The losses sparked litigation in Hollywood over insurance payments. Last week, Fireman’s Fund Insurance Co. sued Walt Disney Co. for not wanting to pay $ 10 million in claims for certain film and television production delays caused by the COVID-19 pandemic. The LA production company behind Ben Affleck’s heist thriller “Hypnotic” last September sued his insurance company for refusing to extend coverage without ruling out losses from COVID-19.

The pandemic added to what had already become a tough market for independent producers, who operate on low margins, as studios and theaters focused on releasing fewer but bigger films.

“I think it’s a lot harder now than ever,” said veteran producer Bill Mechanic.

Mechanic had already moved his film, “The Divide”, on the construction of the transcontinental railway, from Canada to Australia, where infection rates are lower and it is easier to obtain insurance and services. favorable tax incentives for films.

“Trying to make it make financial sense for people who invest is not as easy as it used to be,” Mechanic said.

It has been more than a year since production was halted by the pandemic and strict rules regarding testing, masking and social distancing on film sets have led to very few positive cases of COVID-19, according to the ‘Alliance of Motion Picture and Television Producers.

This has allowed production in Los Angeles to return to pre-pandemic levels as insurers and financiers become more confident about the risks of the coronavirus outbreak.

Milstein’s Media Guarantors, a unit of specialist insurer SpottedRisk, has started offering a completion guarantee that will also insure against any COVID-19 risk with the aim of reviving independent productions.

Bonds are double the cost of pre-pandemic versions, but producers will be able to access cheaper borrowing costs from banks and bond costs could drop over time if the pandemic recedes, Milstein said.

Bankers are starting to show more flexibility.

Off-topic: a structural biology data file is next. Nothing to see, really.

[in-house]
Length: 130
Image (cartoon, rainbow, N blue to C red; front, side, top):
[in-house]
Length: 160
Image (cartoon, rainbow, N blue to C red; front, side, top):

“Where we could have said initially ‘no COVID coverage, no funding’, we found ways to make it happen,” said Jeff Colvin, senior vice president and group director of Comerica Entertainment Group Bank. Comerica finances a film using Media Guarantor’s new bond product.

In one case, Colvin said, the producers themselves funded their film until the lead actor’s scenes were completed; then the bank was happy to give a loan to help finish the film. In other cases, the bank was comfortable with the risks if a key player was vaccinated and the project was running in low-risk places like New Zealand.

Colvin said he believes the pace of funding for independent filmmakers will return to what it was before the pandemic, driven by high demand for content from streamers.

“There is a feeling that there is a light at the end of the tunnel, people are moving forward,” said Brian O’Shea, CEO of Los Angeles film sales agency The Exchange, who visited Cannes this week. He said his company was able to take advantage of pent-up demand for content because it has a library of films, he said.

AGC Studios – whose backers include Latin American asset management firm MediaNet Partners and film production company Image Nation Abu Dhabi – has been able to fund some of its films with cash, Ford said. One was the romantic comedy “Locked Down” starring Anne Hathaway, which was filmed last fall and sold to HBO Max.

Other investors are offering options to filmmakers. For example, UK film and television investors Great Point Media, which supported Peabody Award-winning Steve McQueen’s ‘Small Ax’ series, partnered with insurers to cover COVID-19 risks in production of up to $ 400 million.

Some of its smaller productions have benefited from an insurance program supported by the UK government for the film industry. During the pandemic, Great Point said it funded 16 films, some of which appealed to the government program, up from 27 the year before.

In the United States, IFTA and the Motion Picture Assn. lobbied the US government to come up with a federal program similar to Britain’s to cover the “COVID void” in film production insurance.

Milstein hopes his new completion bond product will take some relief from independent producers.

“My hope is that this can start to unlock more traditional and conventional funding avenues for independent producers, make that access easier,” Milstein said, “so they can spend more time on creation and less time. time and energy to knock yourself out. try to replenish the funding.

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About Monty S. Maynard